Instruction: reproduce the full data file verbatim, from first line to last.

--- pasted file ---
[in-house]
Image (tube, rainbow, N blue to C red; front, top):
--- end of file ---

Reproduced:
[in-house]
Image (tube, rainbow, N blue to C red; front, top):